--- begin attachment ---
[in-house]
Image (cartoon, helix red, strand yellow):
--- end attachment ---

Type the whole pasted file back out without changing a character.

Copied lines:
[in-house]
Image (cartoon, helix red, strand yellow):